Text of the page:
In fact, proper judgment of sins is crucial to a good confession. I will talk in more detail about the Sacrament of Confession/Penance/Reconciliation in a few weeks, but here’s the short version: since Christ gave the Church the authority to bind and loose sins (see Matthew 18 again), the Church engages that authority through private confession to a priest. In general terms, in such a confession, you should identify your mortal sins by kind and number, and your venial sins more generally (though as accurately as you can). This isn’t about doing “spiritual accounting” or keeping a detailed log, but it’s about identifying all the areas in your life where you are still broken and to what degree you are broken.

(By the way, I should note that these two classifications, “mortal” and “venial” are not the entire spectrum of sin severities; there are some mortal sins which are so heinous that a regular priest does not have authority to loose them, and even a few–five, last I checked, and most of those can only be committed by priests–where only the Pope has that authority.)

So how do you judge your sins? Well, the Church identifies sins as mortal if they meet the following criteria:

  1. The sin must be a grave (serious) matter.
  2. The sin must be committed with full knowledge.
  3. The sin must be committed with deliberate consent.

Grave matter is defined as the Ten Commandments, in short. Stealing, killing, committing adultery, etc. Grave matter has been more fully defined, especially in light of “modern” sins that may or may not have been spelled out in Scripture; there are a wide range of books that are useful for the examination of one’s conscience (i.e., the judgment of one’s sins). (I find this one very helpful, but there are even apps for that.) Full knowledge means knowing that something is a sin and doing it anyway (pretending not to know makes it worse). Deliberate consent means that it is a personal choice (claiming hardness of heart is not an exemption, but compulsion may be, in the determination of the Church). If any of these criteria are not met, then the sin is venial, not mortal.

For some more detail on these subjects, see the Catechism of the Catholic Church, paragraphs 1854-1864.

Next week, I’m going to drop all the sin talk and focus on one of the virtues–not one enumerated, nor one universal, but a virtue nevertheless: virginity.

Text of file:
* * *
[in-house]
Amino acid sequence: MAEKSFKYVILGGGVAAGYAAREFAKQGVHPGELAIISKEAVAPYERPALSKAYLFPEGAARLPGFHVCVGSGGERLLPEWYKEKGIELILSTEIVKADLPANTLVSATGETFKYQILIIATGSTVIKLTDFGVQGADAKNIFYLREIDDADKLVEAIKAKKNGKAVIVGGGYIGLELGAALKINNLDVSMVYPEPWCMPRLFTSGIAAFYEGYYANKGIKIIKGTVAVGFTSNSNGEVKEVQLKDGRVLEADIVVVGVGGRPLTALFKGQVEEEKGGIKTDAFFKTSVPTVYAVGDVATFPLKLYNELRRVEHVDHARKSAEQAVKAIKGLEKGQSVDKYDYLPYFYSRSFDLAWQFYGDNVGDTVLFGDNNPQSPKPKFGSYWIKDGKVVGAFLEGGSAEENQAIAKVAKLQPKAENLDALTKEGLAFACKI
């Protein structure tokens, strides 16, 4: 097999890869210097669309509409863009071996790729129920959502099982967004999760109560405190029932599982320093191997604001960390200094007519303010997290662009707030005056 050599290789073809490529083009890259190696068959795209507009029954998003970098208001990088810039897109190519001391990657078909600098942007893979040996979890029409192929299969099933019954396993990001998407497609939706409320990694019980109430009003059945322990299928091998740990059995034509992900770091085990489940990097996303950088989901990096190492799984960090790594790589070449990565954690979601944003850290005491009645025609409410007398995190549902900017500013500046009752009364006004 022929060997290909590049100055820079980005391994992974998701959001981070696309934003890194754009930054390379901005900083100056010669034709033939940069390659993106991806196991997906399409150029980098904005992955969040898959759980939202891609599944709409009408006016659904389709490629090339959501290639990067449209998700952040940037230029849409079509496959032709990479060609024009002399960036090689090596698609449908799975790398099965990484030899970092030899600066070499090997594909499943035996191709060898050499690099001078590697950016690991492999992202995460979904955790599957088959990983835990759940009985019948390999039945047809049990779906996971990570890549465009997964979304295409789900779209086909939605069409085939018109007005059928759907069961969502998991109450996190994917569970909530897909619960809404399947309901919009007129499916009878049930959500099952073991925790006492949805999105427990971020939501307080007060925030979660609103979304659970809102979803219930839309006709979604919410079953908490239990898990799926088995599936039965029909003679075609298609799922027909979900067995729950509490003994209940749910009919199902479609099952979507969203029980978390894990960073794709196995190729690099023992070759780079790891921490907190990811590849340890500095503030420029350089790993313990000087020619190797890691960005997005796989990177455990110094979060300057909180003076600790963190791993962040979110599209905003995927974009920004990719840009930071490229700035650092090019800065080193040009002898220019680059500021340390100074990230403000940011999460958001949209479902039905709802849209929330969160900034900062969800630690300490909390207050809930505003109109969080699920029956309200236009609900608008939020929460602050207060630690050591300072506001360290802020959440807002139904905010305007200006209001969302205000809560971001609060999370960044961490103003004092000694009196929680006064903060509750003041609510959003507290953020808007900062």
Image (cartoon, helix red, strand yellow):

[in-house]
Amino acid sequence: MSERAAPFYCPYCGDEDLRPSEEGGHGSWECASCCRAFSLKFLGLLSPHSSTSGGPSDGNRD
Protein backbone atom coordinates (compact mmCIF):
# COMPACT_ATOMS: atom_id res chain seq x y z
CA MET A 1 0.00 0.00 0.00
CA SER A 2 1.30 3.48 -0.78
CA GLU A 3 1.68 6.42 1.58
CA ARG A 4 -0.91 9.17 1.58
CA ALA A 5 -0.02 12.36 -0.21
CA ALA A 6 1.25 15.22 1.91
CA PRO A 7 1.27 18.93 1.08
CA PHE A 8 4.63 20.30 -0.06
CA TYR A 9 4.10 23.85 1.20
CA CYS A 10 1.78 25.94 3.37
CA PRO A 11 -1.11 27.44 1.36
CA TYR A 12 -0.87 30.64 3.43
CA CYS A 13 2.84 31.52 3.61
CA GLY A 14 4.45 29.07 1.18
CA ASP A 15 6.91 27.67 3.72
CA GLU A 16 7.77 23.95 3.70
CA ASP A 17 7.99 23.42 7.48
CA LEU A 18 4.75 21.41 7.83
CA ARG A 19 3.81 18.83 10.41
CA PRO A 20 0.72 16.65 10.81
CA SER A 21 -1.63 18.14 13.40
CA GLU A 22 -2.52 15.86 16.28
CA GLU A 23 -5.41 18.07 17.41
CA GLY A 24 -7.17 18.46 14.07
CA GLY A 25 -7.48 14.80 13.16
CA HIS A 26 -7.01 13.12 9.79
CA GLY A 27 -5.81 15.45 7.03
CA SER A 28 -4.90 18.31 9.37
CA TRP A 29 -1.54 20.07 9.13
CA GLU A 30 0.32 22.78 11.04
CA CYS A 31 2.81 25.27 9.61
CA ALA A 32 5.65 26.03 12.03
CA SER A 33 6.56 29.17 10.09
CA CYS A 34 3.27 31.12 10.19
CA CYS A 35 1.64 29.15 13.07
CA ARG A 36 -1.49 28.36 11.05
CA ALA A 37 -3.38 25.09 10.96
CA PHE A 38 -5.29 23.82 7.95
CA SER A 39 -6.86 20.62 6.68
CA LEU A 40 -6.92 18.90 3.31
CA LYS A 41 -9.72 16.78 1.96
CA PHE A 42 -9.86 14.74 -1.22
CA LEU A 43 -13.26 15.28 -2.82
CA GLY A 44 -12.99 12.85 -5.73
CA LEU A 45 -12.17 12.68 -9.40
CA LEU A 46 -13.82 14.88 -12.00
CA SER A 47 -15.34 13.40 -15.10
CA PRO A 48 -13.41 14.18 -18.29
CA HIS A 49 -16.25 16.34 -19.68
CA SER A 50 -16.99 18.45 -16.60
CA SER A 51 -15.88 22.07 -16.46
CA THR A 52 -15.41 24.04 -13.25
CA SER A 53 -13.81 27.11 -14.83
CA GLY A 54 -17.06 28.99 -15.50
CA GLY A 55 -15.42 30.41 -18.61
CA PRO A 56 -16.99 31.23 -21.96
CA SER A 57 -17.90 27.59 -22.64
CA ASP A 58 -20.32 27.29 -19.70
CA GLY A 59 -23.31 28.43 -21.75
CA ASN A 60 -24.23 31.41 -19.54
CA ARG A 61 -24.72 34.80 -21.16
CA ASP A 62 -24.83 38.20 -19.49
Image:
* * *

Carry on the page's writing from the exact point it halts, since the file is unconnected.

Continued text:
Swimming the Tiber 9: Virtue and Vice in Catholic Philosophy

Merry Christmas! I hope this Christmas season is a joyous one. Now, on to your regularly scheduled program.

But now, if, in all this talk, we both inquired and were speaking beautifully, excellence would be neither by nature nor taught, but coming to [men] by divine lot, without sense [for those] to whom it comes.

– Socrates in Plato’s Meno (my translation)

And if [things are] thus, the human good comes about as an activity of a soul according to excellence–and if, rather, [there are] excellences, according to the best and most perfect [one]. And [thus] hereafter in a perfect life. For one swallow does not make spring, nor one day; and thus also neither [does] one fortunate day nor a short time [make] a [man] blessed.

– Aristotle, Nicomachean Ethics 1.7 (my translation)

Therefore, the good [man], even if [he] serves, is free; the bad [man], however, even if [he] reigns, is a slave, and not of one man, but–what is more burdensome–[he is a slave] of as many lords as [he is] of vices. About which vices Scripture deals [thus]: “For by whatever(whomever) someone has been overcome, to this [thing]([man]) also [he] has been dedicated as a slave.”

– St. Augustine, City of God 4.3, quoting 2 Peter 2:19 (my translation)

Because perfect moral virtue does not totally remove the passions, but orders them; for [it] is of the temperate [man] to desire just as is proper, and [to desire] what is proper, as is said in Ethic III.

– St. Thomas Aquinas, Summa Theologiae Part 1, Question 95, Article 2, paraphrasing Artistotle’s Nicomachean Ethics 3.11 (my translation)

Catholic philosophy is nothing if not philosophy. But before I became Catholic, I was very fond of Tertullian (poor heretic though he died, may he rest in peace), and especially his famous (or infamous) demand, “What therefore [is] for Athens and for Jerusalem? What [is] for the academy and for the church? What [is] for heretics and for Christians? Our institution is from the porch of Solomon, who also himself had handed down that the Lord is to be sought in simplicity of heart” (De Praescriptione Haereticorum, chapter 7, my translation).

Tertullian was one of many Christian thinkers who eschewed philosophy and theological depth in favor of “simplicity of heart.” (This is also very popular in modernity; consider Rob Bell, as one among many.) At the time that I quoted him often, though, I think I was being purposefully impertinent–because I have always disagreed with this concept. Philosophy and theology and study provide a depth to faith that cannot be found in simplicity. And while I appreciate those who can have simple faith, I am not among them; if I tried to have simple faith, to adhere to God through immediate and unobjecting acquiescence, I would fall away faster than Scotch tape covered in cat hair. The only reason I have any faith at all is because I have objected and I have wrestled and I have come to a fuller understanding.

So while I seek always to have simplicity of heart and faith like a child, I also want to put away the things of childhood and become a man in the faith. And that involves complex theology. And in complex theology, much of the first principles are drawn from our culture’s rich history of philosophy.